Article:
Melatonin – Much More than Meets the Eye

It has been described as the “superhero of the night” and is now considered to be one of the most important hormones and antioxidants in the body – Melatonin.

Indeed, recent research is suggesting that the health benefits of melatonin supercede what was previously considered to be simply the ‘regulator of the sleep cycle’.

It is now suggested, with the backing of much research, that melatonin could in fact have fundamental benefits on our health – particularly in terms of neurodegenerative diseases.

What is Melatonin?

Melatonin is a natural hormone produced by the pineal gland – a ‘pea sized’ gland located just above the middle of the brain. It is the hormone responsible for the regulation of our internal body clock which is also referred to as the “circadian rhythm”.

The production of melatonin is influenced by the amount of light in the external environment. Darkness stimulates the production of melatonin while brightness produces the opposite effect. The presence of light – whether it be artificial or natural – inhibits the production of melatonin.

The precursor to melatonin is serotonin, a neurotransmitter that is derived from the amino acid tryptothan. Within the pineal gland, serotonin is acetylated and then methylated to yield melatonin.

If you are not methylating efficiently then this is another reason why you might be experiencing sleep problems and poor melatonin output. We have various blogs on the subject of methylation and you can find links to these below.

How does Melatonin Work?

The process of sleeping during the night and waking up at ‘daylight’ is a natural aspect of human health, and one that we have become so accustomed too that many of us have probably never even pondered the question; why is this?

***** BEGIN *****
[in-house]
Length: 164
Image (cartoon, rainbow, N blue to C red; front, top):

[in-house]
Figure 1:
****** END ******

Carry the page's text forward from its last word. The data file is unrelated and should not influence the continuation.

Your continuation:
The National Sleep Foundation explain the biological mechanism behind this:

“The circadian biological clock is controlled by a part of the brain called the Suprachiasmatic Nucleus (SCN), a group of cells in the hypothalamus that respond to light and dark signals. From the optic nerve of the eye, light travels to the SCN, signalling the internal clock that it is time to be awake. The SCN signals to other parts of the brain that control hormones, body temperature and other functions that play a role in making us feel sleepy or awake.

In the mornings, with exposure to light, the SCN sends signals to raise body temperature and produce hormones like cortisol. The SCN also responds to light by delaying the release of other hormones like melatonin, which is associated with sleep onset and is produced when the eyes signal to the SCN that it is dark. Melatonin levels rise in the evening and stay elevated throughout the night, promoting sleep.”

Melatonin helps to break down the active, energetic hormones in your system to allow your body to sleep and recuperate. It shuts down brain activity, and thus promotes relaxation. As a result, you feel tired and naturally want to sleep.

One of the most important mechanisms to note in respect of melatonin is that it is ONLY produced by the pineal gland when the subject is in a very dimly lit environment.  The exposure to light stimulates a nerve pathway from the retina in the eye to an area in the brain called the hypothalamus. This is where the suprachiasmatic nucleus (SCN) submits signals to other parts of the brain that control the use of certain hormones.

If the retina initiates a signal of ‘light’ (whether it be artificial or natural) to the SCN then the production of melatonin is halted. It is delayed until a period of ‘darkness’ is recognised by the body. This goes a long way to explaining why watching television or sitting at a computer shortly before sleeping can often inhibit the time it takes to fall asleep.

The key indicator of poor melatonin production is “difficulty in falling asleep”. If you fall asleep easily and wake throughout the night or wake early – this is not due to insufficient melatonin and hence needs a different approach. Melatonin is responsible for inciting drowsiness such that we easily drift to sleep. As such it is a short lived hormone with a lifespan in the body of around 20 minutes only.

Health Benefits

Research from the US National Library of Medicine has suggested that melatonin is one of the most powerful antioxidants in the body and the hormone has numerous health benefits in terms of immune system function, including acting as a free radical scavenger that helps to combat inflammation.